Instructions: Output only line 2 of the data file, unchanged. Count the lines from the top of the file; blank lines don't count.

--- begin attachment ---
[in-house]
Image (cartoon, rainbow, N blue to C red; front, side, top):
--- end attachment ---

Image (cartoon, rainbow, N blue to C red; front, side, top):